Human toxocariasis, a zoonotic disease caused by larvae of the dog ascarid worm, Toxocara canis, and less frequently by those of the cat ascarid, Toxocara cati, is found worldwide. In humans, these infecting nematode larvae are unable to complete their own developmental life cycle and propagation6,7,21. Nevertheless, the larvae migrate through different organs, shedding immunogenic glycoproteins, known as Toxocara excretory-secretory (TES) antigens. These antigens seem to allow larvae to evade and survive under the adverse conditions of the host's immune response5. The clinical symptoms vary as a consequence of larvae migration, ranging from asymptomatic forms to those with severe organ injuries.
There are two main clinical forms: visceral toxocariasis and ocular toxocariasis. Covert toxocariasis has been described as presenting non-specific symptoms, such as abdominal pain, headache, cough and limb pains. In some instances, neurological manifestations have been associated with the presence of Toxocara larvae in the brain9,12.
In the absence of parasitological evidence of infection, immunological methods play a relevant role in the diagnosis of toxocariasis. The detection of IgG antibodies with the TES-based enzyme-linked immunosorbent assay (ELISA) is the preferred method3. In follow-up studies after chemotherapy, however, these IgG antibodies were observed to be unsuitable as an immunological marker for therapeutic assessment, because they remained persistently for years4,22, as occurs in most parasitic infections15. In our previous work, IgG antibodies detected by ELISA were found to be appropriate for serological diagnosis of toxocariasis, and IgE antibodies in conjunction with eosinophil counts were helpful parameters for monitoring patients after chemotherapy4.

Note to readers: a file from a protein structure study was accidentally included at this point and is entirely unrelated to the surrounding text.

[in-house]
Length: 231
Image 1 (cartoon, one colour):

The immunoblot (IB) technique has been shown to be a useful tool for many immunologic approaches in different diseases. However, there are few follow-up studies in patients after chemotherapy showing changes in their IB patterns, according to antibody isotypes and antigen fractions. For toxocariasis, there have been attempts to find the most suitable antigens or refined antigen epitopes for immunoassays1,11,16. There is a need to standardize serodiagnostic criteria and define the efficacy of chemotherapy23.
In the present work, patients with toxocariasis were studied before and after chemotherapy, in the search for potential immunological markers for both diagnosis and therapeutic assessment. The IB patterns developed by different antibody isotypes (IgG, IgA and IgE) to TES antigen fractions were investigated, following up patients before and after chemotherapy.
This project was approved by the "Comitê de Ética em Pesquisa" of the "Instituto de Medicina Tropical de São Paulo" and the "Instituto da Criança do Hospital das Clínicas da Faculdade de Medicina da Universidade de São Paulo", and by the "Comissão de Ética em Pesquisas com Seres Humanos" of the "Instituto de Ciências Biomédicas da Universidade de São Paulo".
MATERIALS AND METHODS
Toxocara canis excretory-secretory antigen (TES): This antigen was prepared as described previously by ELEFANT et al.4 from the supernatant of a concentrated culture of T. canis larvae, with quality control analysis to ensure the reproducibility of the immunologic assays.
Ascaris suum adult worm extract (AWE): Non-specific antibodies were removed by serum absorption with AWE. This antigenic extract was obtained from A. suum, according to ELEFANT et al.4.